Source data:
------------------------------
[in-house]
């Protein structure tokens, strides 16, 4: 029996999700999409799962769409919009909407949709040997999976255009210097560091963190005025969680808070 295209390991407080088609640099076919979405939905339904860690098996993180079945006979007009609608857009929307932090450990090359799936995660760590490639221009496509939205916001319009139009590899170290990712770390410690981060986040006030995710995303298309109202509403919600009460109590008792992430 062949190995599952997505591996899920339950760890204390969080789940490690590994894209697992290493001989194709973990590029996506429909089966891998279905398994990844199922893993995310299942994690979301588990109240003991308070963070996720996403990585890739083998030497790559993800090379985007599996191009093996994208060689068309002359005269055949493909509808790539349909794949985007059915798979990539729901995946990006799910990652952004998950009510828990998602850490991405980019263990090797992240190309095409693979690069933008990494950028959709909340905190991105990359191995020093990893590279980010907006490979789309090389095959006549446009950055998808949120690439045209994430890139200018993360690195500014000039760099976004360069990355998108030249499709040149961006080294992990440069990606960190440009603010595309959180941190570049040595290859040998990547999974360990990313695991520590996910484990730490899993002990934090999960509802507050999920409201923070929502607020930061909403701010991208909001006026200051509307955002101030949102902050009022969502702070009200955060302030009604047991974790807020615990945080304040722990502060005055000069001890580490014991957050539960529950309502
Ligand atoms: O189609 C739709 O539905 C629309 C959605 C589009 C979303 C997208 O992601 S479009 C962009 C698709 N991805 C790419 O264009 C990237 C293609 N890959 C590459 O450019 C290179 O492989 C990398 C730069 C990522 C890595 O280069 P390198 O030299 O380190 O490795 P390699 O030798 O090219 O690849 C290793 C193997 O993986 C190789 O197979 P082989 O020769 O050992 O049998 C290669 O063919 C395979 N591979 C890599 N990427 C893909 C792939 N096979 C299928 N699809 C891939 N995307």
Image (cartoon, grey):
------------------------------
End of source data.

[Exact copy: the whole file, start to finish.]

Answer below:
[in-house]
């Protein structure tokens, strides 16, 4: 029996999700999409799962769409919009909407949709040997999976255009210097560091963190005025969680808070 295209390991407080088609640099076919979405939905339904860690098996993180079945006979007009609608857009929307932090450990090359799936995660760590490639221009496509939205916001319009139009590899170290990712770390410690981060986040006030995710995303298309109202509403919600009460109590008792992430 062949190995599952997505591996899920339950760890204390969080789940490690590994894209697992290493001989194709973990590029996506429909089966891998279905398994990844199922893993995310299942994690979301588990109240003991308070963070996720996403990585890739083998030497790559993800090379985007599996191009093996994208060689068309002359005269055949493909509808790539349909794949985007059915798979990539729901995946990006799910990652952004998950009510828990998602850490991405980019263990090797992240190309095409693979690069933008990494950028959709909340905190991105990359191995020093990893590279980010907006490979789309090389095959006549446009950055998808949120690439045209994430890139200018993360690195500014000039760099976004360069990355998108030249499709040149961006080294992990440069990606960190440009603010595309959180941190570049040595290859040998990547999974360990990313695991520590996910484990730490899993002990934090999960509802507050999920409201923070929502607020930061909403701010991208909001006026200051509307955002101030949102902050009022969502702070009200955060302030009604047991974790807020615990945080304040722990502060005055000069001890580490014991957050539960529950309502
Ligand atoms: O189609 C739709 O539905 C629309 C959605 C589009 C979303 C997208 O992601 S479009 C962009 C698709 N991805 C790419 O264009 C990237 C293609 N890959 C590459 O450019 C290179 O492989 C990398 C730069 C990522 C890595 O280069 P390198 O030299 O380190 O490795 P390699 O030798 O090219 O690849 C290793 C193997 O993986 C190789 O197979 P082989 O020769 O050992 O049998 C290669 O063919 C395979 N591979 C890599 N990427 C893909 C792939 N096979 C299928 N699809 C891939 N995307």
Image (cartoon, grey):